A recent Financial Times op-ed by HRW's Daniel Wilkinson denounces the last minute change to the accord that exempts the armed forces from command responsibility. (See Dec. 15's briefs.)

News Briefs
  • At least 31 people were killed in a series of explosions at a fireworks market outside of Mexico City yesterday, reports Reuters. The destruction was kicked off by six separate blasts. Seventy-two people were reported injured and 53 still missing as of today.  It's the third such explosion at the popular market place in the past decade. But nobody was injured in the previous blasts in 2005 and 2006, reports the New York Times. Just last week the head of the state’s pyrotechnical association was quoted saying that the San Pablito market was the safest in Latin America, notes the Wall Street Journal.
  • Venezuela reopened its border with Colombia abruptly, after a decision last week that it would be closed through Jan. 2, reports the Miami Herald. President Nicolás Maduro and his Colombian counterpart, Juan Manuel Santos, also agreed to have discussions over the "currency mafias" allegedly attacking Venezuela's bolivar.
  • The chaos spurred by the Venezuelan government's decision to suddenly withdraw nearly 80 percent of its currency has been clear. What has been harder to understand is the rationale behind the move which has, predictably, led to rioting, looting and general unrest. In Venezuelan Politics and Human Rights David Smilde analyzes some of the possible motivations, including a genuine belief that currency was being hoarded, but also improving the government balance sheet ahead of emitting higher currency notes. The Maduro administration likely overestimated its administrative capacity, he writes. They "likely thought that they could pull this off without too much of a problem, and that those hurt would be big operators with truckloads of cash. But of course, the people who are most affected are the poor who work in the informal economy, and those in rural areas of the interior. It should be no surprise that the most significant protests have happened in far-flung places in Apure, Trujillo and Bolívar. More affluent sectors operate mainly through electronic transactions and have been less affected, hence the relative calm in Caracas." At the same time, the move has kept the opposition off-balance, forcing it to discuss this instead of central dialogue points. (See Monday's post.) Last week the Wall Street Journal noted that the move affected Colombian border currency traders who got stuck with piles of cash from people buying supplies. (See last Friday's post.)
  • Venezuela is already paying the price of a sovereign debt default -- such as lack of access to international credit -- though it is religiously paying debt on time, at catastrophic cost to its population, argues Joe Kogan in a New York Times op-ed. The government should immediately default and use the freed up funds to alleviate shortages at home and enact economic reforms, he writes.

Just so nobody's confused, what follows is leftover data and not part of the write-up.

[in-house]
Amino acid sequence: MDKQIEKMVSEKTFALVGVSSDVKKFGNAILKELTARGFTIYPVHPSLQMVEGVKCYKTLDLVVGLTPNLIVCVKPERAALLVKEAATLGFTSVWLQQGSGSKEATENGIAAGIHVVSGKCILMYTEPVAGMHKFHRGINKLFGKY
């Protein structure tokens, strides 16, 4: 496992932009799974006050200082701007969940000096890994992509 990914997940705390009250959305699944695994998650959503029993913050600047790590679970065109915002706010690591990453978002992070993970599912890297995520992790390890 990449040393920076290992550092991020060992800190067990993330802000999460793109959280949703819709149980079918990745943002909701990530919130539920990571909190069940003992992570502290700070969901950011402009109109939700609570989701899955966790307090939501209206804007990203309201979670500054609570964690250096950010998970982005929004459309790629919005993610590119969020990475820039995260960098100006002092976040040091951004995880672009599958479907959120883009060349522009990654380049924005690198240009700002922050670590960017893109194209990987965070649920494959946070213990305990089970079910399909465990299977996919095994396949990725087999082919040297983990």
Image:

• Environmentalists are denouncing Brazilian government initiatives that would roll back environmental and indigenous territory protections, reports the Guardian. They include a bill that critics say would dismantle environmental licensing laws and a draft government decree campaigners say threatens existing and future indigenous territories. Approval would make it impossible for the country to meet its significant Paris Climate Change Agreement commitments, according to experts. The government wants to improve licensing procedures in order to be more competitive for businesses looking to set up shop. But activists say a streamlined process could increase the odds of environmental disasters like the Samarco tailings dam burst last year. 
  • Brazil's congress passed a bill that would provide debt relief for federal government loans to states, but removed some of the austerity measures the federal government wanted to demand as a counter-weight, reports the Wall Street Journal. The result has been criticized by some economists who say sustainable economic growth cannot be achieved without more orderly public finances.
  • Uber has grown significantly in Brazil -- since launching two years ago, the country has become the ride-sharing app's third largest market in the world. But local governments are angling to regulate the industry, and taxi unions aim to outlaw it entirely, reports the Associated Press.
  • Cardinal Paulo Evaristo Arns, who opposed the systemic torture of political prisoners by Brazil's military dictatorship died last week. He helped develop “Brasil: Nunca Mais,” or “Brazil: Never More,” a voluminous investigative document that chronicled the military government’s torture of political opponents, reports the New York Times.
  • Trump's presidency is unlikely to be a high point for international human rights, but it will have the positive effect of countering arguments that human rights groups promote Washington interests, argue James Ron and David Crow in Open Democracy. Nonetheless, their research has found that while governments around the world have used this thesis to slam rights groups, people on the ground are less likely to subscribe to the belief. "Our data show that people believe either that human rights groups are geopolitically neutral from the United States or that they tilt against Washington. We found no evidence that many people suspect rights groups of serving as secular missionaries for a Western point of view that paves the way for US political hegemony."